Blake Thornell

Are you a pirate? I’m not talking about the peg-legged, parrot-on-your-shoulder kind of pirate. I’m asking if you are involved in piracy, the illegal downloading of music.

I used to be a pirate. At the beginning of the millennium, when file-sharing programs like Napster and LimeWire hit the web, I downloaded thousands of songs. My friends and I never gave a second thought to the moral or spiritual implications of sharing copyrighted mp3s. After most of the file-sharing programs were shut down, sites like The Pirate Bay popped up; and I downloaded full albums for free.

As a Christian, I knew that stealing was wrong (the eighth commandment comes to mind); but for some reason, I continued to download music. I tried to justify my actions by telling myself that artists and their record labels made enough money in other ways, that my stealing an album would not affect them.

The Casualty List

The Christian music industry has been deeply affected by piracy. Christian music is a ministry. Christian artists go on tour, spreading the gospel of Jesus Christ through music. Merchandise sales and live performance fees keep their ministry going, but they’re not enough. Most Christian artists do not have the support of endorsement deals and don’t have their music played on TV or in movies, which is a major source of income for secular artists. (Have you ever heard a newsboys tune playing in an Apple commercial or seen a Vitamin Water billboard with Chris Tomlin’s picture on it?) Piracy is eating away at record sales; and since less money is coming in, several Christian record labels have had to close or to downsize.

I am passionate about stopping piracy because I was a casualty of it. I majored in music business in college and got an internship my last semester at a Christian music label. I worked hard and was offered a job when I graduated. I helped market records for some of my favorite artists and got to spend over a year in Christian music. Though I was aware that piracy was affecting the industry, I was shocked when my boss called me into his office and told me that our label’s financial trouble had made downsizing necessary—including my job. Since then, I have vowed never to illegally download music again. Unfortunately, I had to lose my job before I felt this strongly about a form of theft that occurs every day and of which I had been guilty. I hope that by telling you my story, you will join me and stop being a pirate.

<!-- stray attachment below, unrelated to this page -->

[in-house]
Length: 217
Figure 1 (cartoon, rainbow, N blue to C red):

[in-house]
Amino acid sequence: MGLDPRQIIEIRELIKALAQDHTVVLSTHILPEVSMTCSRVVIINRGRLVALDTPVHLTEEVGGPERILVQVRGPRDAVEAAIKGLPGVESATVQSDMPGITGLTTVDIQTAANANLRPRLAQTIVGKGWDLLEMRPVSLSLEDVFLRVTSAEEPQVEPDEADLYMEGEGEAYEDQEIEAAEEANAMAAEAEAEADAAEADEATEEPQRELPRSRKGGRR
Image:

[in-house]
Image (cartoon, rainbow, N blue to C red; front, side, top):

Ill-gotten treasures have no lasting value, but righteousness delivers from death.

Proverbs 10:2 (NIV)

When we illegally download music, we may think we are getting away with something; but we’re not. We are stealing and also hurting others who have worked hard to create, record, produce, and promote music. Think about the ripple effect of piracy. What role have you played in the pirating? How will you change your habits in 2012?

Blake Thornell , Youth Event Coordinator for Young People’s Ministries at the General Board of Discipleship in Nashville, Tennessee, enjoys spending time with his wife Sarah, eating great food, playing guitar, writing songs, and leading worship.

—from devozine® (March/April 2006). Copyright © 2006 by The Upper Room®. All rights reserved.
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